Spacebase DF-9 Recoups Investment In Two Weeks

Hi everyone! Earlier this year, we decided to experiment with funding larger projects than we normally do. A typical project for us has been in the range of $50k – $150k. We’ve also funded a few projects for smaller amounts, but never a project the size of Spacebase DF-9.

Spacebase required around $400k to develop, so it would have been unwise for Indie Fund to go it alone. A $400k game in a stable of $50k-$150k games would make for an imbalanced portfolio, and would mean more risk than we were comfortable with.

So we asked some folks we know if they’d be interested in joining this experiment. Indie Fund ended up putting $75k into this project, and Humble Bundle, Hemisphere Games, make all, AppAbove Games, Adam Saltsman, The Behemoth, Morgan Webb, and Rob Reid put in the rest.

Spacebase DF-9 went into open alpha last month and recouped the entire $400k investment two weeks from that date. 85% of the revenue came in via Steam Early Access, and the other 15% via direct sales by Double Fine.

This is an important milestone for us because the success of this experiment opens the door for us to support more projects of this magnitude in the future. To be clear, this won’t affect the number of smaller projects we fund. Our bottleneck has always been finding promising projects to invest in, not lack of funds.

It also provides an encouraging data point about bringing together larger groups of people to support larger projects, and we are mulling over what this might mean for the future of Indie Fund.

Anyway, huge congratulations to Double Fine, JP, and the rest of the Spacebase team for a great lauch! We wish you continued success.

You can get in on the alpha now, either directly from Double Fine or on Steam.

Indie Fund Now Backing FRACT OSC

We have been following FRACT OSC since its debut at the Independent Games Festival in 2011. So when Phosfiend Systems sent out the signal that they needed help getting it across the finish line, we jumped at the opportunity to make that happen for them!

Coming later this year to Steam, FRACT OSC is a musical exploration game. Players explore an abstract world built on sound, solve puzzles to rebuild its forgotten machinery and then are able to create their own sounds and music within the game. The game features a vast open world, real-time player control over sound and draws inspiration from Myst, Tron, electronic music, and most importantly, synthesizers.

FRACT OSC is being developed by Montreal-based indie studio Phosfiend Systems. An early version of the game won the 2011 IGF award for Best Student Game, and a more recent version received a 2013 IGF Honourable Mention for Excellence in Audio. For more information on FRACT OSC, check out their blog at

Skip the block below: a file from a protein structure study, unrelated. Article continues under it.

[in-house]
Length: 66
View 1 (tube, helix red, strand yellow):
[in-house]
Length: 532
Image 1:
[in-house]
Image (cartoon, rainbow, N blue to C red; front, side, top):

Super Splatters Launches on Steam June 26!

We’re very much looking forward to the launch of Super Splatters with the hope that it will shed a bit of light on a question that game developers often ask themselves:

“Should I take the extra months to really fine tune and polish my game?”

Since the release of The Splatters on XBLA about a year ago, the Spiky Snail team has been slathering a thick layer of love on their game to really make it everything they wanted it to be. Though it will be an imperfect comparison, we’re very curious to see how the new and improved Super Splatters performs relative to The Splatters (both critically and commercially).

Super Splatters is an extravagant arcade-style game that uses simple interaction to give players an impressive amount of control over a pretty complex physics simulation. Despite its casual look, Super Splatters is very much a skill and mastery game with lots of mechanics to discover, explore, and combine.

Super Splatters for Windows and Mac will be available on Steam this Wednesday (June 26). If you’re not on Steam, you can get the Windows and Mac versions directly from the developer as well. A Linux version will follow soon.

Congrats and best wishes to Niv and Sagi!


The Swapper Recoups In Less Than Two Days

So yes, it’s a financial success for its creators (Olli, Otto, Carlo and Tom) and for us as well.  On top of that, it’s been getting extremely positive reviews and currently holds an aggregate metacritic score of 87.

We’ve noticed that we’ve done a lot of these “game X recoups in Y hours” posts. While we do think it’s important to highlight that investments in unique games made by small teams can be profitable without being exploitative, that’s not really our main goal, and not how we measure our success.

Our goal, as we’ve always stated, is to help developers get and stay independent.  To be more specific, if a game repays the investment and makes enough on top of that to fund the team’s next project, we consider the investment a success.  The team behind the swapper will clearly be self sufficient for the foreseeable future, and we’re all very happy to have played a role in making that happen.

As for what the rest of our report card looks like, well, that remains to be seen, but here’s what we know so far:

That’s it for now!